A bedroom in Vailima.
A bedroom in Vailima. | Source
The "infirmary" for sick household members at Vailima.
The "infirmary" for sick household members at Vailima. | Source
Tour guide in a bedroom of Vailima
Tour guide in a bedroom of Vailima | Source
Tour guide at Vailima speaking in the great room. Notice the beautiful natural grass mats on the floors.
Tour guide at Vailima speaking in the great room. Notice the beautiful natural grass mats on the floors. | Source
Gorgeous wooden table in the Vailima dining room.
Gorgeous wooden table in the Vailima dining room. | Source
Refreshments at the end of the tour were bites of coconut and a drink of coconut milk.
Refreshments at the end of the tour were bites of coconut and a drink of coconut milk. | Source
Entertainment at the Vailima tour is provided by native Samoan dancers.
Entertainment at the Vailima tour is provided by native Samoan dancers. | Source
The beautiful porch outside of Vailima
The beautiful porch outside of Vailima | Source

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    • LCDWriter profile image

      L C David 4 years ago from Florida

      I want to go here! How interesting. I had no idea this existed. Treasure Island is an annual favorite at our house. My boys love it! Thanks for this piece of history that I didn't know about!

    • jlpark profile image

      Jacqui 4 years ago from New Zealand

      I've been here, and thankfully, being where it is, I don't think it was damaged in the tsunami.

      It is an interesting tour, and hot climb up the road to get to it - TAKE A TAXI. We made the mistake of walking up to it, and getting a taxi back.

      Thank you for sharing this - brought back fond memories of Apia, and Samoa.

    • wetnosedogs profile image

      wetnosedogs 4 years ago from Alabama

      Very beautiful writing on a talented writer. So glad you included those wonderful pictures.

      Did you try the coconut milk? Is it good? I'd have to squirt in some chocolate syrup.

      If I ever get to traveling, I would love to see this.

    • profile image

      Vickiw 4 years ago

      Karen, this was a really interesting tour, made even more so by your photos. I had no idea that Robert Louis Stevenson spent his days on that beautiful island. Thanks for the tour!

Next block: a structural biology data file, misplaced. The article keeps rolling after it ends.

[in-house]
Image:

• Karen Hellier profile image
      Author

      Karen Hellier 4 years ago from Georgia

      Vickiw,

      I never knew that about him either till I went on the tour. It was so hot there...we went in October. I was actually wondering if it wasn't the heat that had something to do with his death. Upon reading more about it, I realized he had been in poor health UNTIL he went there. You're welcome for the tour.

    • Karen Hellier profile image
      Author

      Karen Hellier 4 years ago from Georgia

      wetnosedogs,

      Oh, thank you so much for the writing compliment. It means a lot coming from you, my hub challenge friend. Yes, I tried the coconut milk but neither my husband or I liked it. It might taste better if it was cold, but it was served from freshly picked coconuts so it was warm. Yuck!

    • Karen Hellier profile image
      Author

      Karen Hellier 4 years ago from Georgia

      jlpark,

      Good idea on the taxi. It was so hot when we were there we opted not to take the walk to see the tomb. But a taxi is a good idea. Thanks for stopping by.

    • Karen Hellier profile image
      Author

      Karen Hellier 4 years ago from Georgia

      LCDWriter,

      Well, if you ever go to this island, you and your boys should take this tour. The home is beautiful and the dancers were great. Very festive.

    • teaches12345 profile image

      Dianna Mendez 4 years ago

      Seems like he had a wonderful home life and his writings may have been influenced by the beauty of his surroundings. I would have enjoyed the coconut milk treat. Thanks for sharing this with us.

    • Karen Hellier profile image
      Author

      Karen Hellier 4 years ago from Georgia

      teaches12345,

      While the coconut milk drink was quite interesting and festive, it wasn't very good! Should have been served cold to get the maximum taste! He did have a beautiful home and it seems as though the last few years of his life were full of happiness.